WASHINGTON, D.C. – Ways and Means Committee Chairman Jason Smith (MO-08) joined Fox Business host Stuart Varney on Tuesday to highlight the Tax Relief for American Families and Workers Act.
The legislation, which passed the House Ways and Means Committee last week by a vote of 40-3, makes a historic investment in American workers, families, farmers, and small businesses by extending and building on a series of key tax cuts from the 2017 GOP tax reforms.
During the interview, Chairman Smith highlighted the need to pass this legislation given the positive impact it would have on workers and small businesses, saying, “We’re working on some pro-growth, pro-worker, pro-American tax policies that will support families and main street businesses. It will also help sharpen our competitive edge with China and boost more innovation. Three very important provisions of Trump’s tax cuts expired, just in the last couple of years. Research and Development Expensing, which is extremely important. This provision would add $70 billion in investment. The Interest Deductibility provision is extremely important where small businesses are being affected with huge interest rates. This will create 867,000 new jobs just by this provision, and it will bring in $58 billion in take home wages.”
The Tax Relief for American Families and Workers Act…
Expands Innovation and Competitiveness with Pro-Growth Economic Policies
- Research & Development (R&D) expensing: allowbusinesses of all sizes to immediately deduct the cost of their U.S.-based R&D investments instead of over five years – encouraging American innovation and improving our competitive position versus China and the rest of the world.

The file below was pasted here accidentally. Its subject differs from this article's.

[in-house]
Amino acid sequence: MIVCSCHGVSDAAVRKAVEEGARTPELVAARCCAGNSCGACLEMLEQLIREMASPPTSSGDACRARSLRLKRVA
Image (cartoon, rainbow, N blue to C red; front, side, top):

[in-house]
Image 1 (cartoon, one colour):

- Interest deductibility: continued flexibility for businesses forced to borrow at higher interest rates to meet their payroll obligations and expand their operations.
- 100 percent expensing: restore full and immediate expensing for investments in machines, equipment, and vehicles.
- Taiwan double tax relief: strengthen America’s competitive position with China by removing the current double taxation that exists for businesses and workers with a footprint in both the United States and Taiwan.
Builds Up Main Street and Rebuilds Communities Struck by Disasters
- Expand small business expensing cap: increase the amount of investment that a small business can immediately write off to $1.29 million, an increase above the $1 million cap enacted in 2017.
- Cut red tape for small business: adjust the reporting threshold for businesses that use subcontract labor from $600 to $1,000 and index for inflation – the first update to the threshold since the 1950s.
- Help families get back on their feet: provide disaster tax relief covering recent hurricanes, flooding, wildfires, and the Ohio rail disaster.
Supports Working Families with an Enhanced Child Tax Credit
- Expand access to child tax credit: phased increase to the refundable portion of the child tax credit for 2023, 2024, and 2025.
- Eliminate penalty for larger families: ensure the child tax credit phase-in applies fairly to families with multiple children.
- One-year income lookback: flexibility for taxpayers to use either current- or prior-year income to calculate the child tax credit in 2024 or 2025, similar to bipartisan action taken six times in the past 15 years.
- Inflation relief: adjust the tax credit for inflation starting in 2024.
Eliminates Fraud and Waste by Ending the Employee Retention Tax Credit Program
- Saving over $75 billion in taxpayer dollars: accelerate the deadline for filing backdated claims to January 31, 2024, under the COVID-era employee retention tax credit – a program hit by major cost overruns and fraud.
Supports Communities with an Updated Low-Income Housing Tax Credit
- Increases supply of low-income housing: enhance the Low-Income Housing Tax Credit, a public-private partnership with a proven track record, with increased state allocations and a reduced tax-exempt bond financing requirement.